Create an Account - Increase your productivity, customize your experience, and engage in information you care about.
(MIAMI, OK.) The City of Miami’s 2022/2023 Fiscal Year Budget has been the topic of several ongoing team meetings and discussions including Miami City Council, Mayor Bless Parker, City staff and Miami’s City Manager Bo Reese.
Reese explained the City’s budget process used to the Miami City Council members at Monday’s City Council meeting with staff. The meeting was open to the public.
Reese said budget sheets were sent to each department director or manager using five-year averages to help calculate revenues and expenses. Subsequently group staff meetings were held to discuss initial budgets, and adjustments were made accordingly. Miami’s Administrative Director Jill Fitzgibbon and staff then updated budget spread sheets before Monday’s initial presentation to the Council members.
“It is a balanced budget,” Reese told the Council and Mayor.
Emphasis was placed on the fact that the 2022/2023 Fiscal Year Budget is still preliminary and a work in progress, and numbers and dollar amounts will change as planning continues. The budget will not be finalized until June when approved by the Council.
General Obligation Fund
Regarding the General Fund, overall projected revenues total $19,971,025 and projected expenditures total $19,963,990, this includes transfers in totaling $8,520,545. With the past two years producing record City Sales and Use Tax revenues in Miami, projected to be around $7,527,500, the primary focus of budget revenue discussions has been whether this level of revenue income is an anomaly and is sustainable, and at what level. Many possible factors influencing the tax revenue growth were discussed including COVID related spending, medical marijuana revenues, and Federal relief spending.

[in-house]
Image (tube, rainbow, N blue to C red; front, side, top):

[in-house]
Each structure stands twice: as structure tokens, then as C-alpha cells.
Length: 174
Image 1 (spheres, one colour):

“We’re finishing this fiscal year really, really strong,” Reese said, “We need to bet on ourselves. I am pushing my comfort level and stretching our wings in some areas, but I tend to operate conservatively in fiscal matters.”
Citing focus on employee retention and recruitment as vital with an average of 10 percent overall in job vacancy in employment over the past fiscal year, Reese said, “This has been tough on people, and tough on morale.”
According to Reese, the City of Miami will be using a salary study to apply market adjustments across the organization for wages. Wages, as in most organizations, businesses, and city governments, are the largest expenditure in the City of Miami’s budget. Currently the City has 197 full time positions available with 182 full time filled, 19 part time with 11 filled, and 39 event staff/seasonal employees. The addition of more employees as approved in the next fiscal year will bring the City employee numbers to full time positions of 204 and the new proposed payroll total cost of $14,344,815.
In addition to personnel, other expenses discussed included $743,141 in materials needed, and $1,945,548 in other services and charges expenses, and transfers of $8,520,545, for an overall total projected expense budget of $19,963,990.
Capital Improvement Plans (CIP) requested from the General Fund came in at $2,295,354 of a list of perspective projects that had to be honed and prioritized to fit the budget now at $601,454. Emphasis was placed on life safety issues as first precedence.
The Miami Special Utility Authority Fund is estimated to produce projected revenues of $43,871,96.
Expenditures are currently estimated at $5,116,037 for personnel costs, $18,710,953 for materials, costs of $4,734,774 for other services and charges expenses, capital outlay of $2,591,220, and debt service of $931,008, and transfers of $11,735,410, for an overall total of $43,819,401.
Capital Improvement Plans (CIP) requests from the MSUA Fund came in at $2,900,516 and $2,591,220 is currently being proposed, mostly for needed machinery including various heavy equipment.
Streets projects topped the list of hot topics discussed with initial plans of completing $3.2 million to repair or replace streets and infrastructure in Miami over the next two years. Grant funding is being pursued for projects such as widening Highway 69A from J-M Mushroom Farm to Highway 69, and improvements at the traffic signal at Steve Owens and Highway 69A.
Grant funding is also being pursued for use to raise infrastructure such as bridges at Central and on Rockdale.